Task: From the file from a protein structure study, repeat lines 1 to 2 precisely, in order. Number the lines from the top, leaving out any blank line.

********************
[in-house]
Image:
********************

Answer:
[in-house]
Image: